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Obama Expects Health Care Bill to Pass House


The White House says U.S. President Barack Obama believes House Democrats will have enough votes to pass his sweeping health care reform bill.

Spokesman Robert Gibbs says Mr. Obama has contacted more than two dozen lawmakers to urge their support.

House Majority Leader Steny Hoyer says the House is on track to vote Sunday on the bill. The Senate has approved a health care reform package.

Gibbs also said President Obama has postponed a trip to Indonesia and Australia to stay in Washington as he awaits a final vote on his health care reform package. Gibbs said the trip was delayed because the vote in the House of Representatives will not occur before Sunday afternoon.

Gibbs said the president regrets the delay. But he said passage of health care insurance reform is of "paramount importance" and that the president is determined to see it through.

Mr. Obama was scheduled to depart on Sunday for Indonesia and Australia.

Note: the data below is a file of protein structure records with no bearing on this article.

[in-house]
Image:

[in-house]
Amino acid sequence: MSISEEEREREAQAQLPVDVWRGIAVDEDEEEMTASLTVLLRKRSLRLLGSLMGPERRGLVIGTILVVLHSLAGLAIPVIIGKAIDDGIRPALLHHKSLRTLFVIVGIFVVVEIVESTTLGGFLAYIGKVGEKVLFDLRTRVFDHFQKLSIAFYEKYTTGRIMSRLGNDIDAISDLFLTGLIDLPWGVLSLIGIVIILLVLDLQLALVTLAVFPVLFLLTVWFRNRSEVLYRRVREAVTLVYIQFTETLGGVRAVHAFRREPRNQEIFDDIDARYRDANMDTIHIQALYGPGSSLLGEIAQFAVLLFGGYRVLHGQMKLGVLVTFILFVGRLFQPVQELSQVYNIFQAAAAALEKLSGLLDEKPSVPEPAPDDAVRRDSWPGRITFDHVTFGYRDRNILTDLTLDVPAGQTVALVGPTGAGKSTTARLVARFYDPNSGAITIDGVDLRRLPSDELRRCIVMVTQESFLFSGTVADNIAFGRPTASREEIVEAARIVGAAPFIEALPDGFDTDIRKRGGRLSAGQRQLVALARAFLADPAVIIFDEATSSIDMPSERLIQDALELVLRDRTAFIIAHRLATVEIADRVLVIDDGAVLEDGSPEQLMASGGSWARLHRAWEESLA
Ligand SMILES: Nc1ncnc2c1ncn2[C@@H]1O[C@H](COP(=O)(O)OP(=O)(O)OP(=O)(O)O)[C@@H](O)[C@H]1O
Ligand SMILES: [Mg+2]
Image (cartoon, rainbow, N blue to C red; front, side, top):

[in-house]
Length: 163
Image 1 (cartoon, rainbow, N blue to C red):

On Thursday, the independent Congressional Budget Office said the health care plan will cost $940 billion in its first 10 years. The CBO said the bill will reduce the federal deficit by $130 billion during that first decade and cut more than $1 trillion from the deficit in its second decade.

Democratic leaders hope those figures will ease the concerns some lawmakers have about the bill's massive price tag.

Republicans oppose the plan because of its costs and their concerns that it gives the government too much control over health care. Republican House Minority Leader John Boehner said Thursday Republicans will do everything they can to ensure the bill never passes.

The proposed legislation would provide health care insurance to more than 30 million Americans who do not have it, and would ban certain insurance company practices, such as denying benefits for pre-existing medical conditions.

Some information for this report was provided by AFP and AP.

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